Thursday, September 7, 2017

Being chronically ill and new doctors

You would think being chronically ill we would be masters at doctor appointments but truthfully, we're not. A lot of us get really anxious especially when we see a new doctor.
When you're chronically ill you deal with I guess you can call it verbal abuse by medical professionals. We're told we have a low pain tolerance, it's in our heads etc when our symptoms are very real. We are not seeking out attention we are just seeking help to get back to a "normal" life.

So here I am getting settled in bed trying to calm my nerves about seeing my new GI doctor. Here I am hoping for the best preparing for the worst. Am I going to get relief from symptoms? Is she (my doctor) going to believe my medical history, symptoms, diagnosis etc? Will there be happy tears or will I be stabbed in the back by another health care professional?

In the Spoonie/chronic illness community it is common for people to have PTSD from medical professionals which in itself is sad. So many of us already deal with our peers, school and/or boss to believe in our illness but on top of invasive test the way some medical professionals treat us makes you unsurprised that there is trauma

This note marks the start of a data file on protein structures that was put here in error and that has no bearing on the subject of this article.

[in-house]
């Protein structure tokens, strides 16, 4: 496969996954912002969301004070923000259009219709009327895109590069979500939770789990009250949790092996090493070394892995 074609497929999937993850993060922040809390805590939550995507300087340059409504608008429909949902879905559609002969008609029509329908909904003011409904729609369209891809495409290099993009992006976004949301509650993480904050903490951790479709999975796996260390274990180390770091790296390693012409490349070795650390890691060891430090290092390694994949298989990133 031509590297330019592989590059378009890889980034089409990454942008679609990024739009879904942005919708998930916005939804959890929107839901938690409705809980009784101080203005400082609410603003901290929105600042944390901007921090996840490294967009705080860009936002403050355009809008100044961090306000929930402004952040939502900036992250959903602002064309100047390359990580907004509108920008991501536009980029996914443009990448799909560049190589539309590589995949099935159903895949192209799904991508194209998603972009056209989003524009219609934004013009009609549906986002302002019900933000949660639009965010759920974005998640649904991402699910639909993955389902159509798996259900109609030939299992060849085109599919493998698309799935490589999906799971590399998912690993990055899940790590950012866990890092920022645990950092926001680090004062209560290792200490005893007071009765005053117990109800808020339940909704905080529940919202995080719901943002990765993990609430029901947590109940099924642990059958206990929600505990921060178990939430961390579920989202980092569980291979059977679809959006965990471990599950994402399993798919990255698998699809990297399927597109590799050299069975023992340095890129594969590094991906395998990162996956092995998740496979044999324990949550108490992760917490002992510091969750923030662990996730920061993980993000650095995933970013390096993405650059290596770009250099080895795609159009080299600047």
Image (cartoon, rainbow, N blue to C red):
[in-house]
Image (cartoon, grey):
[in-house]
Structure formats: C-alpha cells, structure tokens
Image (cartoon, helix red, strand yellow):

So how do we handle it? Honestly I have no clue. I just make sure I have my anxiety pills and I'm blest to have my dad come with me to all appointments cuz hes the only one in our family that drives. He's also really good at calming me down so there's that. You stay as busy as you can in the waiting room and pray to God they aren't behind, but when they call you back and you're put in your room I swear time stands still. Minutes go by but you've already gone through your Facebook twice. Your phone battery is trickling down... finally your doctor shows up and you get to talk about your lengthy medical history and you can sometimes see their own heads explode or be completely clueless as you name some of your rare illness. An especially scary sign if they specialize in the part your illness is apart of.

Hopefully by the end of your appointment your doctor is able to help you some and give you things to try that you haven't yet or they order test to find out what's wrong and give you a diagnosis.

Being afraid of new things, even something as simple as a doctor appointment, is nothing to be ashamed of. Spoonie or not. And you deserve a pat on the back each time you do something that's scary. So give yourself a high-five if you go to that specialist you've been needing to see. Get yourself some ice cream after that blood draw (did they really need that many tubes??) After that procedure or surgery get that movie or video game you've been eyeing especially if you have recovery time. You deserve it because not only are you facing your fears or doing something difficult, you're also taking care of yourself

Love and spoons,

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